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Soldiering in the Army of Northern VirginiaA Statistical Portrait of the Troops Who Served under Robert E. Lee$
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Joseph T. Glatthaar

Print publication date: 2011

Print ISBN-13: 9780807834923

Published to North Carolina Scholarship Online: July 2014

DOI: 10.5149/9780807877869_glatthaar

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Upper and Lower South

Upper and Lower South

Chapter:
(p.68) Chapter Six Upper and Lower South
Source:
Soldiering in the Army of Northern Virginia
Author(s):

Joseph T. Glatthaar

Publisher:
University of North Carolina Press
DOI:10.5149/9780807877869_glatthaar.10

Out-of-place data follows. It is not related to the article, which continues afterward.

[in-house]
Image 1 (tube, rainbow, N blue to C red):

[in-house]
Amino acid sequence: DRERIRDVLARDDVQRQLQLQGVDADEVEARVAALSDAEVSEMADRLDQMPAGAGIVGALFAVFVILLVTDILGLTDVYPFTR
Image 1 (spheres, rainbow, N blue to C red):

This chapter describes how, over the course of the war, Lee's army became a symbol of the Rebel independence movement in the eyes of Confederates and Unionists alike. That image emerged primarily because of its staggering successes in the face of vastly superior Federal numbers and resources. It also developed because the Army of Northern Virginia drew soldiers from across the Confederacy. Had all those troops come from the East—Virginia, North Carolina, South Carolina, and Georgia—the army would have appeared to be regional rather than national. By tapping regiments from Maryland to Texas, Lee's force was nationwide in scope. Southerners throughout the Confederacy took a personal interest in his army because part of it came from their home state.

Keywords:   Lee's army, Rebel independence movement, Confederates, Unionists, Northern Virginia

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